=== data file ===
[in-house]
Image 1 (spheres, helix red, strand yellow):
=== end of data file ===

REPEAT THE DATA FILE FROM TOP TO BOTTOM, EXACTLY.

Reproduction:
[in-house]
Image 1 (spheres, helix red, strand yellow):